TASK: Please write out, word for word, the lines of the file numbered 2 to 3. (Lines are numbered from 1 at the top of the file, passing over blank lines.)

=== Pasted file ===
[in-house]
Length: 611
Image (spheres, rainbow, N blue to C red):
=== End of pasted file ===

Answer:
Length: 611
Image (spheres, rainbow, N blue to C red):